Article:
Much work was needed to restore Angkor Wat, and the other temples.  Vegetation had taken over and it had to be removed meticulously. During the time  the Khmer Rouge were in control, work ceased and they actually used remaining wood from the temple for firewood as they camped in the area. There is a also damage from a stray American shell, as well as bullet holes due to the Vietnamese and Khmer Rouge having gun fights in the area.  However, it wasn’t until after the wars that the real damage began.  During the period of the late 80’s and 90’s  thieves entered the complex and knocked off, and stole most of the  statues heads.  Unfortunately many of the treasures from all the temples were stolen.    There are many temples  here, and we did see several.  The gates to the temples, and the bridges crossing the moats are all pieces of art as well, with the same intricate carvings, works of ancient  beauty all over this area.

The Bayon Temple, just north of Angkor Wat, is  a spectacular temple. There are  four faces carved on 54 gothic towers and  each tower is topped with a lotus flower, which is common in Buddhism as the lotus flower represents purity, spiritual awakening and faithfulness. Each of the faces looks in a different direction – north, south, east, and west. Charity, compassion, sympathy, and equanimity are the four states of Buddhism, of which each face represents. The 54 towers are said to be a representation of the Lunar Calendar having  54 days , and I don’t think it was acoincident that the Khmer Empire of King Jayavarman VII had 54 provinces.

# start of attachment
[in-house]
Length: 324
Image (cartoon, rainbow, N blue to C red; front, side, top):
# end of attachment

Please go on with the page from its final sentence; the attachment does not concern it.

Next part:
The temples seem all the same, yet are so different in so many ways. The last temple we visited was the Ta Prohm.  It was made famous in the Tomb Raider movie,  we hadn’t seen it.  It is a great example of how the jungle can take over the beautiful architecture that man has made, totally destroying anything in its path.  We also made a quick stop at the Terrace of the Elephants.  Much of this was made of organic material, so has long disappeared, however the retaining wall and the foundation platforms remain. The wall is over 300 meters long.  Bas-relief sculptures of elephants, horses, beautiful dancers, and of course warriors.  It was used by the King to watch his army returning from battle, as well as  parades and religious ceremonies were held on the grounds.

Touring all these temples was fantastic.  I know there are many more, and we did get the chance to go to others, but for today, it was enough, and time to head back into Phnom Pehn as we had tickets to go to the Phare Circus that evening. This circus is Cambodia’s answer to Cirque!   I highly recommend not missing this event.   Without a doubt one of the most amazing shows I’ve ever seen!  Without words, only music and acrobatics they told the story of a young girl growing to an old woman through the horrific history of Cambodia.   There are many videos on Youtube, and you can check out the trailer to the show we saw, Sokha   here. 

It was another successful day in Cambodia, a great deal learned as we toured through temples and the streets of Seim Reap.  Tomorrow another day in paradise, and a tour of a silk farm.


Posted in Vietnam, Cambodia & Thailand | Leave a comment